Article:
Ohrid got a heraldic Coat of Arms
At the 27th session of the Council of the Municipality of Ohrid, held on 22.08.2014, Ohrid finally got heraldic coat of arms, made by a member of the Macedonian Heraldry Society, Kosta Stamatovski.
The symbols used for the blazon and emblazon of the coat of arms are based on previously existing emblem of the municipality. It is primarily due to the historical significance of the emblem as one of the oldest municipal coats of arms in Macedonia. It dates from the 1950s, and is registered in the register of local emblems in the United Nations as an official municipal emblem in 1967, which is quite rare for a Macedonian municipal coat of arms.
The fortress represents the Samuil Fortress, which is an easy recognizable part of Ohrid and the Macedonian cultural heritage. It can not be connected to any other city. Additionally, it highlights the essence of the Medieval Macedonian state.
The Ohrid Lake is unique and worldwide known. Its age and richness with endemic species make it an inevitable symbol of Ohrid.
The sailboat symbolises tourism, which is the main economic branch of the municipality. But it also symbolizes a crossroad of great importance. It highlights the position of the city on Via Egnatia. Of course, no less important is its symbolism as a means of disseminating education and religion, two basic things that elevate Ohrid high above other cities.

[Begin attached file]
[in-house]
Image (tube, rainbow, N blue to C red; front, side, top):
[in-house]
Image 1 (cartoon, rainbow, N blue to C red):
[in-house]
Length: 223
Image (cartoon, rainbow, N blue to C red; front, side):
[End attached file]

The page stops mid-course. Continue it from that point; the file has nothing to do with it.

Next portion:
As a historic Macedonian capital, according to the Municipal Heraldic System the crown of Ohrid is decorated with pearls and rubies and the wreath is oak.
The crown should serve as a symbol that highlights and celebrates Tsar Samuil and further engraves Ohrid in our consciousness as the cornerstone of the Macedonian soul. Ruby is the most valuable and national stone of Macedonia. The Ohrid pearl is typical and worldwide known symbol for Ohrid.
The oak is unambiguous and unmistakable Macedonian symbol. An entire species of the genus Oak is named Quercus macedonica (Macedonian oak). It should be noted that the ancient rulers decorated themselves with garlands made of golden oak leaves, despite Greek examples of olive, palm or bay garlands. This is irrefutably witnessed in the findings in the tomb of Philip II. The fact that Ohrid is one of the several Macedonian cities that constantly live from its foundation and until this day, and is also the town where ancient artifacts are abundant, only supports the above standpoint. The capital of the Macedonian spirit deserves clean and irrefutable Macedonian symbol as the oak.